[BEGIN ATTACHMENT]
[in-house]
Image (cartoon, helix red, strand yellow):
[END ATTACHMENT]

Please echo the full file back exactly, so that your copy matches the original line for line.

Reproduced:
[in-house]
Image (cartoon, helix red, strand yellow):